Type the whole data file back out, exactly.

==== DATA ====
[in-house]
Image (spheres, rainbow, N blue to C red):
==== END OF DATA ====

[in-house]
Image (spheres, rainbow, N blue to C red):